Surrounded by some of Boston’s leading educational, cultural and medical institutions, the Back Bay Fens is an eclectic mix of formal and community gardens, ball fields, memorials and historic structures. With places for passive recreation and active pursuits, the park offers a range of experiences such as gardening and sports and is a popular spot for birders.
Within the Fens, The Shattuck Visitor Center, originally designed by H. H. Richardson as a pump station to control water flow in the Back Bay Fens, now serves as the headquarters of the Emerald Necklace Conservancy. You will also find the oldest remaining wartime “Victory Garden” planted by citizens in 1941 during World War II to provide much needed fruits and vegetables. Today it is a well-loved community garden. The World War II, Vietnam and Korean War Memorial, behind the Kelleher Rose Garden, is a favorite picnic site for area residents while the playground at Mother’s Rest attracts children from the neighborhood and beyond.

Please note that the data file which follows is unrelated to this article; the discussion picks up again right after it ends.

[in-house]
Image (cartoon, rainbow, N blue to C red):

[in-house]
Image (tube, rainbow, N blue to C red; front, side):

Starting in 1878, Olmsted’s challenge in the Back Bay was to restore a stagnant saltwater marsh that flooded and threatened public health. Combining landscape architecture with sanitary engineering, Olmsted’s efforts transformed a foul-smelling tidal creek and swamp into a scenic pool within wooded banks; gaining interest from the meandering course of the water. Olmsted renamed the area the Back Bay Fens.
In 1910, the damming of the Charles River turned the Fens into a freshwater marsh. Over time, noted landscape architect Arthur Shurcliff added new features such as ball fields and the Kelleher Rose Garden employing the more formal landscape style popular in the 1920s and 1930s.